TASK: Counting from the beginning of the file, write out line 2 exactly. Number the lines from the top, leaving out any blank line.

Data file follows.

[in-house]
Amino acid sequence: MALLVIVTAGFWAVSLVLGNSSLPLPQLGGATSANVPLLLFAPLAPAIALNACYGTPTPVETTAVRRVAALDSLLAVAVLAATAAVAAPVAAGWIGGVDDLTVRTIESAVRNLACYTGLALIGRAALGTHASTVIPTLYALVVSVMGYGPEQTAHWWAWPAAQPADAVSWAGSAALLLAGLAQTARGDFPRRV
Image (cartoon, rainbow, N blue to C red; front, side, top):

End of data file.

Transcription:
Amino acid sequence: MALLVIVTAGFWAVSLVLGNSSLPLPQLGGATSANVPLLLFAPLAPAIALNACYGTPTPVETTAVRRVAALDSLLAVAVLAATAAVAAPVAAGWIGGVDDLTVRTIESAVRNLACYTGLALIGRAALGTHASTVIPTLYALVVSVMGYGPEQTAHWWAWPAAQPADAVSWAGSAALLLAGLAQTARGDFPRRV